Physics with HENSA
Neutron background in underground facilities
LSC hall A
Deep underground laboratories provide a low radioactive background environment suitable for a large set of very low counting rate experiments in astroparticle physics, nuclear astrophysics, biology and geology.
The neutron background is a limiting factor in many rare event experiments because of the large penetrability of neutrons. For instance, neutrons constitute a background for neutrino-less double-beta decay experiments and dark matter searches. In underground nuclear astrophysics, the measurement of several key reactions for the astrophysical s-process requires ultra-low neutron background conditions.
In Spain, the Laboratorio Subterráneo de Canfranc is the reference facility for underground physics (ANAIS-112, NEXT, ArDM, among others).
Most of the measurements in underground facilities are based either on thermal neutron counters or scintillators sensitive to fast neutrons. Fully spectrometric measurements are very scarce.
HENSA has been used in the past for the fully spectrometric measurements at the LSC and the Dresden-Felsenkeller shallow underground facilities.
Solar cycle and space weather
NOAA/NASA forecast for Solar Cycle 25. Maximum solar activity expected for July, 2025 (+/- 8 months). The solar minimum between Solar Cycle 24 and 25 - the period when the sun is least active - happened in December 2019.
Neutron background anti-correlation with solar cycle. Cosmic Ray flux from the Climax Neutron Monitor (USA) and re-scaled Sunspot Number.
The Sun magnetic activity is ruled by a cycle of 11 years. Currently, we are starting cycle 25 (Fig. a). The solar activity is monitored by means of the number of sunspots which are areas on the sun where the magnetic field is much bigger than in the rest of the star. The lower number of sunspot, the lower solar magnetic activity effects on Earth. Each solar cycle presents a peak of low and high activity. The total neutron flux induced by solar cosmic-rays is anti-correlated with the solar cycle (Fig. b). Thus, measurements with the HENSA detector during 2020 will provide maximum cosmic-ray induced neutron flux during the solar cycle 25.
Single-Event Upsets in microelectronics
A network of electricity pylons in central Xinjiang, China. (© HUGOCISS/moment/Getty Images)
High energy neutrons, originated from cosmic-rays, are one of the major source of “Single Event Upset” (SEU) events. These malfunctions in microelectronic systems are caused by the collision of neutrons with the chips of the affected electronic device. The collision can cause ionization at a sensitive node of the micro-electronic device. Unlike other related disruptions, SEU events do not generally cause permanent damage, but still can have relevant consequences. Experimental data on cosmic-ray neutrons helps to improve the knowledge on performance and lifetime of strategic infrastructure, such as power grids, communications systems, avionics, defense, etc.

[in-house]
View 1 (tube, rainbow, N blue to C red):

Environmental radiation dosimetry
Neutron conversion factors from fluence to ambient dose equivalent. ICRP74 is the current recommendation (blue). ICRU95 is the new recommendation (red).
There is a need for improved experimental data in order to clarify differences between previous calculation models and previous measurements of natural neutron fluence and dose values at ground and high-altitude levels. In addition, the International Commission on Radiation Units & Measurements (ICRU) have recently introduced new recommendations concerning the operational quantities for radioprotection (ICRU report 95). The new recommended operational quantities will provide a solution to the protection problems in high-energy neutron fields. A revision dosimetric reference values, based on the latest available information, will be required for the assessment of individual exposure at ground level and aircrafts during quiet and active space weather conditions. With the HENSA project we will be able to provide the most recent data at different latitudes in Europe.
Ambient neutrons produced by lightning discharges
A lightning discharge happening close to a residential area.
Fast neutron burst are generated by natural means in atmospheric discharges (lightning). This radiation is correlated with gamma-flashes observed from satellites (TFG) and ground. Despite of the fact that this phenomenon was proposed in the seventies and first observed in the middle eighties, a satisfactory explanation of the underlying processes consistent with observations has remained elusive for decades. In 2013, the first laboratory scale high-voltage atmospheric discharge producing neutrons was reported (Agafonov et al). In 2017, experimental evidence supporting a mechanism driven by photonuclear reactions in the atmosphere, in particular the 14N(g,n)13N, has been presented for the first time (Enoto et al.). In 2018, simulations focused on the photonuclear mechanism have predicted the existence of a prompt (<1ms, ~0.1-10.0MeV) and a delayed (>1ms, epithermal up to 100keV) component in Lightning Correlated Neutron Burst (LCNB) at ground level (Diniz et al.). Direct spectrometric measurements of LCNB, at ground level and laboratory scale, will provide valuable information in order to elucidate the underlying mechanism of neutron production in lightning discharges.